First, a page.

All that above begs the question whether a 2019 computer would allow such navigation variances that it wouldn’t prevent a car from driving directly into oncoming traffic on the wrong deck of one of the longest bridges in America, close to Tesla HQ.

Tesla engineering has been known to misread road lines, misread road-signs, slam into barriers and even spontaneously explode into fireball…at this point I’ll wager a stacked double-decker bridge entrance was all it took for Tesla AI to willingly start driving wrong way.

Take Your Bike Helmet Off and Hold Cars Accountable

There’s a new first-person account in the New Yorker of some cultural differences between cycling in Holland and America:

Angela van der Kloof, a cycling expert and project leader with the Delft mobility consultancy Mobycon, told me, “From a young age in the Netherlands, we’re trained to take note of others. Not by a teacher but by the way we do things. I think we are very much used to physical negotiation.” Dutch people live in small houses, ride on crowded trains, and generally jostle against one another—the Netherlands has the sixteenth-highest population density in the world. Navigating complicated traffic situations, calmly and systematically, came naturally to our neighbors.

The key to this story is actually how Dutch women had the power to organize and campaign for protecting children from being murdered by people operating cars:

With cars came carnage. In 1971 alone, thirty-three hundred people—including more than four hundred children—were killed on Dutch roads. A number of organizations, including a group named Stop de Kindermoord, or Stop the Child Murder, began agitating to take the streets back from automobiles.

Contrast this story with America, where cars are treated like guns and operators are allowed to commit indiscriminate murder as an expression of an individual’s power over society, which Next City has explained in qualitative examples:

Morgan stayed in the intensive care unit for another month. For the first two weeks, the doctors weren’t positive she would survive. By the end of it all, medical expenses totaled more than $500,000.

“I was scared to death,” says her husband, David Morgan.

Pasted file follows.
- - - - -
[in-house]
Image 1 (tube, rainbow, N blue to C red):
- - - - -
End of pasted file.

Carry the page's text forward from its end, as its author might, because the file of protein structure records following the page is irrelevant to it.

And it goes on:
His fear would soon turn to anger when he realized that local police had no interest in pursuing charges against the woman who nearly killed his wife. After the State Highway Patrol’s investigation concluded that there were no grounds for felony charges, the district attorney also demurred from pressing charges.

“As far as the state of Mississippi goes, you could be an armadillo hit on the road, and the state treats you just the same as a… cyclist,” Morgan says.

What the New Yorker article about cycling in Holland misses entirely, ironically, is that the density of crowds cited by those living in Holland is not a sufficient ingredient on its own. Next City explains this using NYC quantitative data. Clearly NYC is an American city where people also are used to physical negotiation:

Consider crash data from New York City, which has installed more than 350 miles of bike lanes. There were 14,327 pedestrian and cyclist injuries in 2012 as a result of vehicle crashes, but police cited only 101 motorists with careless driving, a rate of less than 1 percent.

The actual difference is thus not growing up in density, but rather the levels of political engagement by women.

Cycling historically has been described as an independence movement for women, which should put male-dominated legislative action impeding people cycling in its proper perspective. Also women cyclists in America tend to be more at risk from cars and thus more likely to design safety infrastructure, as drivers put them more at risk:

“What we found was that female cyclists had a significantly different experience riding than the male riders did. … Female riders tend to have more aggressive interactions with drivers than male riders did.” …researchers found — no surprise — that protected bike lanes offered the best protection. Cars stayed an average 7.5 feet from cyclists cruising along a bike lane separated from traffic by bollards. No bike lanes, more close calls.

A campaign like “Stop de Kindermoord, or Stop the Child Murder” emphasizes the rights of children to live free from harm by adults in cars. America is about as likely to see a campaign like that succeed as elect a woman President instead of a man repeatedly accused of harming children for his self-benefit.